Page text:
The spread of the coronavirus has led to a wider scale dry run of an idea that has been toyed with for decades – the idea of working from home has long been something thought of that could improve productivity and employee happiness – cutting out the long commute that many of us have, increasing flexibility in working ability, and other thoughts such as improving productivity. Initial results from a relatively short period of time has shown that it can be a successful change for many in a position where it is a possibility – there haven’t been any widespread reports in reductions to productivity, but this is something that could change over time with a bigger amount of data available.
The support is also there from employees too – in a survey conducted by IBM which polled 25,000 American adults revealed that 54% would like to work from home on a permanent basis, with 75% stating they’d like to do it occasionally. Similar results are being seen in surveys in other parts of the world as many lean toward working from home as a nice change – but there are concerns around whether many business infrastructures could handle a large scale change over to a remote workforce.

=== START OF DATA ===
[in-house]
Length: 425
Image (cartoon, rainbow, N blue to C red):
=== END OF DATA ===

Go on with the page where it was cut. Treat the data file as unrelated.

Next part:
We may be approaching a time where decisions need to be made – states within the US are starting to ease lockdown measures and countries across Europe are doing the same, as many of us prepare to head back to work on a full schedule, there may be calls to institute a working from home scheme, even if only on a temporary or limited basis – as more data comes through around the past few months it may be more clear that there are direct benefits that come with working from home too.
There have been challenges faced by many of us whilst working from home – distractions are ready at every turn, without a watchful eye over our shoulder many of us have turned a short break into something a little longer as our attention gets pulled to one side – this is evident by the sharp increase in traffic to streaming services such as Netflix, mobile gaming particularly within gambling as these casinos are not with gamstop, and even in areas that may not be so apparent such as the huge increase in book sales during this same period of time – a short break may be to quickly flick through a few pages, and before you know if you’ve read an entire chapter.
Perhaps the first real attempt in this direction could be seen within New Zealand – the prime minister has already laid out plans for a four day work week encouraging remote working as an opportunity to provide a kickstart to the NZ economy and so there may be some delay from businesses owners across the world whilst they wait to see the outcome of that experiment – but as a whole, remote working has been successful from an initial look and there has been a huge demand for it to remain – whether or not it will, however, is yet to be seen.